Player roles

Many scenario games add special roles to the paintball game. Some are strictly for the story line, describing the player as part of the group he or she is portraying. A player may be almost anything to fit the storyline, such as a rebel, an angry villager, a scientist or more. These roles have no effect on how the player plays

Some roles have special game abilities that assist their team. For example, a player could be a demolitions expert, medic, pilot or spy. These roles offer the player a chance to perform additional tasks on top of shooting opposing players. For example, a medic player may be able to "heal" a certain number of teammates that have been hit by a paintball, returning them to the action that much faster.

When a player starts the game he/she is usually issued a identification card. Players may not permitted entrance to the CP without this iD. Some cards also indicate the player's role in the scenario. Often, players enter scenario games purely for this role-playing aspect. Players are not required to play a role in the game, but those that accept a role may be provided with specific goals to accomplish in the game.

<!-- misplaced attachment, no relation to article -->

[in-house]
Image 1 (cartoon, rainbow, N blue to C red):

An important aspect of role-playing scenario games is that while missions win games, role-players develop information about those missions that gain more points.

This role-playing aspect extends off the field as well, and it is common for players to be "in character" both on and off the field for the duration of the game. Role-players often negotiate with other teams for props and information, and even attempt to get opposing players to defect. For role-players, the event may start before the game as they talk with other players on internet BBS/forums, perform character research, make phone calls between teams, and assemble costumes. These pre-game activities may start weeks or months before the first paintball is fired.